Edward Norton, known for his roles in movies like “Birdman” and “The Incredible Hulk,” has a second claim to fame: He’s the grandson of Columbia’s visionary founder.
Norton, now 47, lived in Columbia from age 2 until he graduated from Yale University in 1991. He attended public schools, graduating from Wilde Lake High, and socialized “with kids who were very diverse in every socio-economic sense.”
“A lot of my memories of youth were of going off on bikes with my friends, always with a strong sense of where we were and how the neighborhoods were organized around the village centers,” Norton says.
It wasn’t until much later in life, as a pilot flying over the country looking down at tract developments, that he realized how “ill-conceived so much suburban development is.”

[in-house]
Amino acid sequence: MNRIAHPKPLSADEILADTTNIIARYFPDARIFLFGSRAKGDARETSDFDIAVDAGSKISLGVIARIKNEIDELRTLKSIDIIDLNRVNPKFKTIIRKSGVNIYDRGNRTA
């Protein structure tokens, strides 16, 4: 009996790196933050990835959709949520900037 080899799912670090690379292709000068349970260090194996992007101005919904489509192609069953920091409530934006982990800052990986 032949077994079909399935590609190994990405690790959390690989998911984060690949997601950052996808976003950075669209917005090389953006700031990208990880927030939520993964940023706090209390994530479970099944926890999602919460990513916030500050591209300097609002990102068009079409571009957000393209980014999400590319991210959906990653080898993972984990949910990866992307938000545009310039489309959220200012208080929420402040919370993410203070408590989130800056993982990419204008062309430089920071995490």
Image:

“I hope Columbia retains its spirit of community,” he says. “It had an intense sense of that in the ’70s and ’80s because it was much more progressive.”
His grandfather conceived the integrated city during the height of the civil rights movement, just ahead of legislation that made housing discrimination illegal.
Norton called Columbia “a truly pioneering and brave vision” and says community was at the heart of everything his grandfather aspired to.
“People think he was trying to engineer a city, but he really believed that cities were for engineering people and helping them dream bigger and be better,” he says.